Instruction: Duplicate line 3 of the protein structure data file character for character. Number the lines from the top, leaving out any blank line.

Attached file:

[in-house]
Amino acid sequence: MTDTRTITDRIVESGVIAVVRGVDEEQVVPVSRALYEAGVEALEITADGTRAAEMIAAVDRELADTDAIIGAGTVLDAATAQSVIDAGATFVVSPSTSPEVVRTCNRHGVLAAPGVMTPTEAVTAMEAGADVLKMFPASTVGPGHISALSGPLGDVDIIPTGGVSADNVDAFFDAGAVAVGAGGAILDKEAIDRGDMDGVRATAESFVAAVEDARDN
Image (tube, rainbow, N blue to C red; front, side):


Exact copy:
Image (tube, rainbow, N blue to C red; front, side):